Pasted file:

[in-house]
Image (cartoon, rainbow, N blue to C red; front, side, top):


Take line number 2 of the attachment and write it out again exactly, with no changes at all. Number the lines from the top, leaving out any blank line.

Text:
Image (cartoon, rainbow, N blue to C red; front, side, top):